quently turns the thoroughly pragmatic
world of Susan Walker - a skeptical
6-year-old child - into one of beliefs
and miracles.
Walker has doubts about
childhood's most enduring miracle -
Santa Claus. As with most films based
around a holiday theme and little cre-
ativity, "Miracle On 34th Street" ex-
amines the importance of family and
one's hope for the future, stumbling on
all of the above.
The cliches and the melodrama of
putting Santa's existence on trial fly in
and out the door like a spray of gunfire,
each bullet missing its mark. Mayfield
encourages his actors to embellish and
ad-lib, which only serves to weaken his
overarching vision. One can effortlessly
predict the dialogue, the repetitive
messages, as well as the images ema-
nating from every frame of film.

Cinematography of skyscrapers
towering over the massive crowds in
The Big Apple and vivid images of
Manhattan are beautifully presented.
Principal photography on "Miracle On
34th Street" took place in New York's
Central Park, closing down nine blocks
ofCentral ParkWest. Foramere $6.50,
"Miracle On 34th Street" plummets
you into a world so charming and en-
rapturing that your first instinct is to
pinch yourself, hoping this is all but a
dream. You need not scrunch around
looking for extra cash to experience
New York firsthand during its illustri-
ous Christmas festivity.
Yet, the general boredom of
"Miracle On 34th Street" is alike that
of watching a rerun of a National Geo-
graphic documentary, pleasing to the
eyes but thoroughly dull. It is the an-
chor of a show dedicated to spoiled-
rotten children of the '90s.
MIRACLE ON 34TH STREET is
playing at Showcase.

BY JOSH HERRINGTON
There is something intrinsically
satisfying when artists take the chance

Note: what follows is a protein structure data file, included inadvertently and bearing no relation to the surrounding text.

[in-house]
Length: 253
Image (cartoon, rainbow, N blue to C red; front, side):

to collaborate, especially artists aseclec-
tic as bassist Rob Wasserman and
acoustic British folk singerJohn Wesley
Harding.
For Wasserman, collaboration is
nothing new; he has spent the last five
years recording his album "Trios," a
diverse experimental work recorded
almost completely live. In spite of
Wasserman's vigorous enthusiasm to
merge his musical gifts with those of
others, it only recently that he has
teamed up with Harding to write, tour
and possibly record.
After lengthy discussions about
their respective crafts, similarities be-
tween the two musicians are evident; in
particular, they both bring a sophisti-
cated fervor to their art. When speak-
ing of lyrical content, Harding feels
akin to "Bob Dylan. I like words; so
does he."
Harding attributes a lot of his eso-
teric themes to "the university (he at-
tended Cambridge University). Not that
it helped me be a musician, but I cer-
tainly learned some good stuff that I
don'tthinkanybody has put into songs.
I take some things from my reading.
They're all from my experience, but
my experience might not be something
that I actually experience, but rather
something that has filtered through into
a song."
Harding places himself in the role
of storyteller, outside of the ranks of
popular music, by substantive choice.
"I come from a long line of guys and
girls totin' acoustic guitars, so I guess
that means that I rarely sing about
things like women or love. I try not to
settle down for the clichd. Not just in
terms of 'Wow, man, that's so poetic!'
or anything -just getting to grips with
some ideas and concepts that are tough.
I only finish a song if it's testing me."
In spite of his anti-pop writing style,